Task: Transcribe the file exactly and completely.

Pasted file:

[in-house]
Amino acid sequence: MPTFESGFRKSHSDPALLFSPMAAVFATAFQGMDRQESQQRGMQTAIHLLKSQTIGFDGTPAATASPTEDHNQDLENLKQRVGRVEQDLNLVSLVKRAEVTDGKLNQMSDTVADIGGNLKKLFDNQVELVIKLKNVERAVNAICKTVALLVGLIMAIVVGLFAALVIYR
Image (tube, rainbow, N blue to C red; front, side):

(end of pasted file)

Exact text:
[in-house]
Amino acid sequence: MPTFESGFRKSHSDPALLFSPMAAVFATAFQGMDRQESQQRGMQTAIHLLKSQTIGFDGTPAATASPTEDHNQDLENLKQRVGRVEQDLNLVSLVKRAEVTDGKLNQMSDTVADIGGNLKKLFDNQVELVIKLKNVERAVNAICKTVALLVGLIMAIVVGLFAALVIYR
Image (tube, rainbow, N blue to C red; front, side):